Unfortunately, I didn't include the addendum email from the third manager telling me to advise of the attempt.  You see what happenes when one assumes?  I assumed they would tell each other these things!  Silly me! 

So I get this in response:   

k and if you look at your email below you sent me an invalid number.  My emails says do not sendevery error off your sheet.  There is nowhere listed you should send invalid numbers.

Please let me know if you are still confused.

So I replied: 

No, what I was doing was showing that the attempt was an unsuccessful one, because _______ had asked on a previous email such as this if I had done the HRS or not.  I was simply trying to be professionally courteous in advising the attempt had been unsuccessful and why, so all y’all in management would not have to worry about PHI floating around.  

In future, I will just send the name/account number and not report the outcome of the attempt. 

M Lowe

It didn't take long for the bully to reply: 

Myra –

I need you to follow the instructions given to you by _________.  If you have any questions about those please call me ASAP at ______.  We have over 60 people and I am trying to streamline this work and need everyone doing the same thing.  At this time you are not.


It was at this point that I forwarded the volleys to my contact at the staffing agency.  

Just sending you a copy of back and forth email conversation between me and ______.  He is really working my last nerve with this thing.  Maybe it’s just me, but the whole tone of his responding email really set my teeth on edge. 

It would really be helpful if the management team would be on the same page. 

Guess this kind of thing will keep me from being offered perm with this place.  The newest email from ______ has me in tears at the moment. 

To which he replied: 


I’m going to forward this on to my manager for you. I’m currently out of the office till Friday. But she should be able to resolve any issues you’re having. I understand completely why you are upset.

A little later in the day, his boss emailed the following: 

Hi Myra,

I hope all is well. Jordan forwarded this email and asked I reach out to you. I apologize you’re upset and I’d be happy to speak with you after your shift today.

I’m sure _______ didn’t mean ill-will when responding. I know the management team is stretched quite thin at the moment with this large project, so my assumption is that he was responding quickly and directly. I don’t want you to be frustrated or feel like you aren’t valued, so please let me know what I can do. My recommendation is to no longer send emails for invalid numbers. Please let me know of any questions.

I literally did a head desk.  Why was everyone focusing on the invalid number thing?  It felt like a three ring circus all out of control.  I replied to that person that my shift didn't end until after 7, and she'd likely be gone for the day and explained (again) that the original email contained the acct # and name of the missing member, why I'd included the end result of the attempt, and that I was already not including that last bit of information.  No response came back from her.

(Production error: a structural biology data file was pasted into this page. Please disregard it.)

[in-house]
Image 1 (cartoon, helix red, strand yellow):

In response to the bully's last email before I forwarded all to the staffing agency, I replied to him:  

In answer to your comment about not following the process, here is WHY I went the extra mile for you folks.  To save you folks from having to make inquiries such as this. 

I won’t make that mistake again.


The body of the email was the correspondence between myself and the third manager.  

His response was: 

Thank you! 

No acknowledgement of the misinformation, no apology for the misunderstanding.  Just the two words.  

I replied, 'You're welcome", and forwarded the last volley to the contact.  

The rest of the day, I smiled and dialed, though yes, once in a while, I grumbled to myself.  At the end of the day, as usual, sent the threesome the spreadsheet with all the attempts completed, advised to allow for 15 mins non productive time due to the misunderstanding about the process, and requested a new spreadsheet for the following day.  It was my practice to put on my nightly report if I'd taken any bathroom time or had some other unusual situation (such as a translation call) that ate into production time.  Part of it was to CMA, but mostly as a professional courtesy to them.  Or so I thought. 

So Thursday, I get in, log into the phone, then check email for a new spreadsheet.  None.  

I emailed a polite request to the trio: 

"May I have a new spreadsheet please? I returned the completed one to you all last night.  Thank you." 

Fifteen minutes later, and no response.  The one manager on our floor wasn't on the floor.  I had no instant message access, no extensions to call except for the bully's, and wasn't feeling up to walking all three floors to look for one of them.   To be honest, I didn't feel it was my job to track one of them down to get work to do.  I sent a second request, politely worded, with the little red exclamation mark highlighted that mean 'important'.  "Just in case you might've missed it, may I have please have a new spreadsheet?  Thank you." 

And waited again.  Another 20 minutes goes by.  I've been at work for 30 minutes, and not able to make any calls.  I'm getting a little nervous, as the clock is ticking and there is a quota still over our heads.  At 1035, I sent a third email, again with the little red exclamation point highlighted.  This time, I wrote in all caps in the subject line "THIRD REQUEST, MAY I HAVE A SPREADSHEET PLEASE?"  Followed in the body with 'Sorry for shouting in the subject line, but I've been waiting over 30 minutes without a response."